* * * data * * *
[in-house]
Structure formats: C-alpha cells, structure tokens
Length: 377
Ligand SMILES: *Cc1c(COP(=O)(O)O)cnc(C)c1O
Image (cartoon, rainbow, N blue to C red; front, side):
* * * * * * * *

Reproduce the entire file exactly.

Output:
[in-house]
Structure formats: C-alpha cells, structure tokens
Length: 377
Ligand SMILES: *Cc1c(COP(=O)(O)O)cnc(C)c1O
Image (cartoon, rainbow, N blue to C red; front, side):